Abstract

Ultrafast visible radiation is of great importance for many applications ranging from spectroscopy to metrology. Because some regions in the visible range are not covered by laser gain media, optical parametric oscillators offer an added value. Besides a high-power broadband laser source, the ability to rapidly tune the frequency of pulses with high-power spectral density offers an extra benefit for experiments such as multicolor spectroscopy or imaging. Here, we demonstrate a broadband, high-power, rapidly tunable femtosecond noncollinear optical parametric oscillator with a signal tuning range of 440–720 nm in the visible range. The oscillator is pumped by the third harmonic of an Yb-fiber laser at 345 nm with a repetition rate of 50.2 MHz. Moreover, the signal wavelength is tuned by changing the cavity length only, and output powers up to 452 mW and pulse durations down to 268 fs are achieved. This is, to the best of our knowledge, the first demonstration of a quickly tunable femtosecond optical parametric oscillator that covers nearly the entire visible spectral range with high output power.

© 2021 Chinese Laser Press

1. INTRODUCTION

Frequency tunable femtosecond sources such as optical parametric oscillators (OPOs) are of great interest in various applications, e.g., coherent anti-Stokes Raman spectroscopy (CARS) [1], multiphoton microscopy [2], frequency comb metrology [3], and terahertz generation [4]. They are available in various wavelength ranges: the ultraviolet (UV) [5], visible (VIS) [6], near-infrared (NIR) [7], and midinfrared (MIR) region [8]. VIS OPOs are of particular importance, because the visible spectral range cannot be covered by a tunable source with typical laser gain media. Until now, it has been quite difficult and elaborate to realize a fast frequency-tunable laser source with high output powers and a broad wavelength range in the visible range. One approach is to generate fiber-optic Cherenkov radiation in a tapered photonic crystal fiber. A resulting tuning range of 414–612 nm with output power below 5.5 mW was reported in Ref. [9].

Over the past decades, crystal materials like beta barium borate (BBO), periodically-poled lithium niobate and bismuth triborate were used in synchronously pumped OPOs. Some of these reports addressed the intracavity second harmonic of the signal or sum-frequency generation of the signal and pump inside near-infrared OPOs [1014]. As a result of the high fundamental power in these cases, up to a few hundred milliwatts of average output power have been achieved. However, the tuning range was limited to the phase-matching bandwidth of the second harmonic and sum-frequency-generation process, so that high output powers have been achieved only over a small wavelength range.

Others have reported pumping an OPO with blue light from the second harmonic of a Ti:Sa laser to create tunable femtosecond laser pulses directly in the visible range [6,15,16]. However, due to the limited pump power, the output power was small. Recently, this idea was taken up again utilizing harmonics of Yb-doped thin disk oscillators and fiber lasers [7,17] for higher pump powers.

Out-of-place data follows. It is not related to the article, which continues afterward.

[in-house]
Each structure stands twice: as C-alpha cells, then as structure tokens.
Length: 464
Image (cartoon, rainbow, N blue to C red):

Comparing the different wavelength tuning schemes in OPOs, methods like varying the internal crystal angle [6] or the crystal temperature [12] require seconds before stable operation at the new wavelength is reached. A much quicker way to tune the wavelength is by changing the cavity length and therefore the group delay between the pump and a chirped signal pulse–in particular when combined with an ultrabroadband noncollinear phase-matching scheme. Based on this method, the authors’ group has demonstrated tuning speeds beyond 100 nm/ms [18] in a near-infrared noncollinear parametric oscillator (NOPO).

Noncollinear phase matching in BBO can be realized by a constant angle ±α between the pump and signal beams in two different configurations. At first, the Poynting vector walk-off compensation (PVWC) geometry is characterized by a small angle between the Poynting vectors of the pump and signal with a better spatial overlap. A major disadvantage is a crossing of the second-harmonic phase matching curve of the signal, which is responsible for a strong dip in the tuning power (here at 615 nm). Second, at α, in the tangential phase-matching geometry (TPG), the Poynting vectors of the idler and pump point in similar directions, which causes a stronger walk-off of the signal. More information about these cases can be found in the literature [19,20].

In this work, we demonstrate a high-power, high-repetition-rate quickly tunable noncollinear optical parametric oscillator, which covers almost the entire visible spectral range (VIS-NOPO). It is directly pumped by the third harmonic of an Yb-fiber laser at 345 nm with up to 3 W of pump power. Due to the noncollinear phase-matching scheme, the signal wavelength can be changed from deep blue up to the red, from 440 to 720 nm by varying the cavity length only. Long-time stable output powers up to 452 mW with 1.4% rms power fluctuations are obtained. Without extra pulse compression effort, the shortest signal pulse duration is 286 fs.

2. EXPERIMENTAL SETUP

Figure 1 shows a schematic sketch of the experimental setup. It consists of an Yb-fiber pump laser with an average output power of up to 22 W at 1040 nm, a repetition rate of 50.2 MHz, and pulse durations of 250 fs. Next, the third harmonic of the Yb-fiber laser at 345 nm is created in two steps. The second harmonic of the pump laser is generated in a BBO crystal (θ=23.2°, L=1.5mm) in one arm and combined with the fundamental from a second arm via sum-frequency mixing in a second BBO crystal (θ=32.5°, L=1mm). The generated third harmonic at 345 nm can be scaled up to 3 W of average output power with an overall efficiency of 17%.